Monday, January 18, 2010

The squire next time

The article by Catherine Harris quoted in my last blog
also touches on the trend towards the aggregation of
farms, which are becoming bigger and bigger: the
average dairy farm, apparently, now carries twice the
number of cows it used to. In that regard, there is a
remarkable statement by former Landcorp director Lex
Henry, who is quoted as saying that he believes New
Zealand is simply returning to its roots as ‘one big
corporate farm’ before its big estates were broken up for
returning soldiers. ‘All we're doing,’ says Henry, ‘is
repeating history.’

Hallo? You mean the good old days when farming was
dominated by giant sheep-stations and cattle runs
owned by a wealthy squirearchy, the very system that
the Liberal government broke up as long ago as the
1890s so that ordinary New Zealanders might get to own
a piece of the country and farm it in a more modest way?
Well, yes, he does. That’s clearly what he wants. Henry
speaks with the same voice as those frustrated by the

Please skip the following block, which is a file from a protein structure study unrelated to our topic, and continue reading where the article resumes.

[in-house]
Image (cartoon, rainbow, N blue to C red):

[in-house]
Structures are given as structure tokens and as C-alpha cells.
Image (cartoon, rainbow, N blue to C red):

co-operative structure of Fonterra that they regard as an
antiquated obstacle to the greater glory of global capital.

Let’s not kid ourselves that farming as we have known it
in New Zealand over the past 100 years has been some
rural romance—the clink of the milk-cans, the click of the
shears—unsoiled by grubby commercialism. No, the land
has been industrialized, near as dammit, and agriculture
made over into something resembling an assembly line.
But I’d take that model any day over Henry’s one, which
would amount to factory farming on a nationwide scale.

‘In our time,’ wrote E F Schumacher 35 years ago,

the main danger to the soil, and therewith not only
to agriculture but to civilization as a whole, stems
from the townsman’s determination to apply to
agriculture the principles of industry.


Schumacher, in Small Is Beautiful, makes a passionate
and, to me, convincing case for a nobler concept of
agriculture that keeps humankind ‘in real touch with
living nature.’ Go the way of industrialization and
depersonalization of agriculture, he says, ‘and the wider
human habitat, far from being humanized and ennobled
by man’s agricultural activities, becomes standardized to
dreariness or even degraded to ugliness.’

This is the fundamental reason, besides many other more
local and immediate ones, why the proposal for intensive
dairying operations in the Mackenzie Basin
(16 new farms,
18,000 cows housed part of the year in cubicles) should be
fiercely resisted. We still have some semblance of genuine
contact with the land and nature here; factory farming on
the scale proposed would make a mockery of ‘beautiful
New Zealand’ and ‘clean and green’ and ‘100% pure’ and
all the other mantras we love to chant.

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